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The application of surface electromyography in the assessment of ergonomic risk factors associated with manual lifting tasks

  • Chen Jing
  • Yang Lei
  • Ding Jiasun
  • Wang Zhenglun
Article

Summary

The purpose of this study was to evaluate the ergonomic risk factors associated with manual lifting tasks using surface electromyography (EMG). 13 volunteers lifted loads of 6 and 13 kg at two speeds and at two horizontal distances in 3 different postures and three boxes of different sizes, from floor to knuckle height, performing 72 lifting tasks. For each lift, the surface electro-myography signals from the erector spinae muscles, bilaterally at T10 and L3, was recorded. The ergonomic risk factors associated with manual lifting tasks were evaluated by comparing the average amplitude of EMG signals from the erector spinae muscles. The EMG average amplitude for lifting the load of 13 kg was 14.3% greater than that for lifting the load of 6 kg (t=−10.93,P<0.01). The EMG average amplitude at the site of L3 was 10.3% greater than that at the site of T10 (t=−7.98,P<0.01). The EMG average amplitude when performing “fast” lift was 5.9% greater than the “slow” lift (t=−4.63,P<0.01). The posture of lifting affected the EMG average amplitude. It was lowest with semi-squat posture and greatest with squat posture (F=27. 76,P<0.01). The result of multiple stepwise regression analysis showed that the loads of lifting, the size of box, horizontal distance, posture of lifting, the site of the spine subjected to force, lifting speed were the factors affecting the EMG average amplitude. The most significant factor was the loads of lifting, followed by the site of the spine subjected to force and the lifting speed in terms of risk. The ergonomic risk factors associated with manual lifting tasks includes the loads, posture, lifting speed, horizontal distance, the site of the spine subjected to force etc. The results of signal amplitude of EMG from the erector spinae muscles showed that semi-squat posture is the best posture for lifting tasks.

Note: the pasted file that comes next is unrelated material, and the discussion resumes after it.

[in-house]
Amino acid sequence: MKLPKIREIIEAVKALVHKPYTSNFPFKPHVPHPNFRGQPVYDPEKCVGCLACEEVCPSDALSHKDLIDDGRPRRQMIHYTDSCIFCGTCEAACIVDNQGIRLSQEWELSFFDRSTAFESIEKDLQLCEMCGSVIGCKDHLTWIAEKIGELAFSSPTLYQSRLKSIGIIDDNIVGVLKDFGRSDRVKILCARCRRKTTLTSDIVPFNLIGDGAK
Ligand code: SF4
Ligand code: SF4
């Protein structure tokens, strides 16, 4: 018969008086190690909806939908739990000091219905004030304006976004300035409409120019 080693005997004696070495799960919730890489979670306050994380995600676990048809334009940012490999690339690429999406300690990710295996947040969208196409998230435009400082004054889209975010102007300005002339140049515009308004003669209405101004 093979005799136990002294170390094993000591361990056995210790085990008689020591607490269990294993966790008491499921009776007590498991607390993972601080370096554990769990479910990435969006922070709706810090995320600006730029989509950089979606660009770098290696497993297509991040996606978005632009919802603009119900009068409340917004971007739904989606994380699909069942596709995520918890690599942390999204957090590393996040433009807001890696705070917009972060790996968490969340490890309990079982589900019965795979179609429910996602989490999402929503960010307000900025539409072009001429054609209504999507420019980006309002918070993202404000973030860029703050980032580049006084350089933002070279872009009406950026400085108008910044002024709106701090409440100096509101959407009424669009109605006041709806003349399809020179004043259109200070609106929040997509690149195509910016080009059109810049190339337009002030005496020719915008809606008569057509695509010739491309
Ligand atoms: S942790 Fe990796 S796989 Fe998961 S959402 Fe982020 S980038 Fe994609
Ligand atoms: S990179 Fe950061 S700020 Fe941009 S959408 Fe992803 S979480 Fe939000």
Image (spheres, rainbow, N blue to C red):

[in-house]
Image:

Key words

manual lifting tasks back muscles EMG amplitude ergonomic 

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Copyright information

© Springer 2004

Authors and Affiliations

  • Chen Jing
    • 1
  • Yang Lei
    • 1
  • Ding Jiasun
    • 1
  • Wang Zhenglun
    • 1
  1. 1.Institute of Occupational Medicine, Tongji Medical CollegeHuazhong University of Science and Technology UniversityWuhanChina

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